Dario McCarty isn’t doing a Milly Rock, this a money dance.
If someone were to bring up the city of San Diego, the image you see in your head is likely most in line with areas like La Jolla and Del Mar. The sunny, picturesque beaches, the vacation coastal condos that cost millions of dollars — the areas of San Diego that are, as San Diego rapper KT Foreign puts it bluntly, “beaches and white people.”
But if you go inland and eastward, San Diego has another side to it. Neighborhoods in Southeast San Diego and City Heights are cultural and ethnic melting pots, home to large Hispanic, Filipino, and African American populations. These communities are largely underserved in comparison to the city’s more affluent coastline. Natives call this part of town ‘Daygo.’
Southeast San Diego is incredibly close to the US-Mexico border — so close that if you miss the signs on the freeway on your drive home, you might accidentally end up in Tijuana — and this proximity lends itself to Mexican drug cartel smuggling. According to Customs and Border Protection data, in the 2016 fiscal year Border Patrol agents in San Diego confiscated nearly 83,000 kilograms of marijuana, cocaine, methamphetamine and heroin at the border — the next closest area in terms of drug seizures was Laredo, Texas, where agents confiscated nearly 10,000 kilograms fewer in an area that covers twice as much land.
Sadly, this drug trade is naturally surrounded by violence. Over the last few years, statistics from the San Diego Police Department show that about half of all homicides in the whole city were in Southeast San Diego, a significant figure considering the region’s relatively small geographic size and population in relation to the rest of the city.
Inner city San Diego’s story remains largely untold by the media and underrepresented in the public’s imagination of the region. This is a quality which is strangely true also of the city’s small, but vibrant rap scene. For whatever reason — perhaps due to its proximity to the flashier and slightly northern big brother, Los Angeles — San Diego gets virtually zero coverage by rap media when people discuss SoCal rap.
In the late 90s and early 2000s, San Diego’s rap scene was buoyed by a few well known names like Jayo Felony — who is maybe best known for getting into a fist-fight with Snoop Dogg — and Mitchy Slick, both of whom got big off their San Diego brand of West Coast gangster rap. These days, the sound coming out of San Diego is hard to finitely outline. It is a patchwork of a number of California rap influences, and the result is a scene that is diverse not just ethnically and culturally, but also sonically.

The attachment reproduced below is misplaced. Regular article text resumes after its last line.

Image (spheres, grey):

As such, there are a lot of different rising rap artists to choose from to potentially represent the city. With the necessary caveat that this list is by no means an all-inclusive end-all-be-all, here are five of my favorite rising rappers from San Diego.
SieteGang Yabbie is a rap unicorn.
The rapper hails from the San Diego rap collective SEMGang, a group that was originally founded by SieteGang Yabbie, SieteNameKeek, and KT Foreign, but has since grown to encompass other other members like GFEENI and Gee El. With his snarling pimp raps, Yabbie remains the most innovative and unique talent of the group.
Pimp rap has been on the decline since its heyday, but Yabbie is bringing it back with an updated sonic framework. He cites classic pimp rappers like Suga Free and Keak Da Sneak as some of his biggest influences, and whilst his music retains the unorthodox, rushing flow that was many of these older pimp rappers’ trademark, it also adds in more modern components — like Young Thug-esque auto-tune dunked vocals and shrieked, outlandish ad libs that rival Sada Baby’s. It’s a tornado of a mix that produces an utterly distinct musical style. Songs like “POPE” and “BOWM BOWM” sound like they could be decoded alien transmissions from Planet P.
Of course, like any other eccentric talent in hip hop these days, his raps come with a set of slang and terminology that is entirely SEMGang’s own. The cartoonish “Ping Bing” is a money-making phone call. A “foot” or your “feets” is, as Yabbie explains in this interview, slang for your shorties. It’s a vernacular that only Yabbie has the charisma to pull off in a way that sounds not only hilarious, but also fly.
A quick sidebar: it’s very endearing to hear Yabbie say “foo” over and over again as he talks to the interviewer in the aforementioned interview. Dude is as San Diego as it gets.
KT.Foreign is one of the other co-founding members of SEMGang, and he is the San Diego rapper that has easily achieved the most cross-Californian success. Looking over his catalog, the list of names he’s collabed with reads like a who’s who of California street rap; the rapper has racked up features from Nef the Pharaoh & Yhung T.O, DaBoii, BlueBucksClan, EBK, Mike Sherm, the late DrakeoTheRuler, Mozzy, & Fenix Flexin just to name a few. Part of this is assuredly due to KT.Foreign’s chameleon-esque versatility — whether it be with BlueBucksClan over some familiar LA-style beats, or in a more high-energy Bay Area posse cut, KT.Foreign sounds right at home.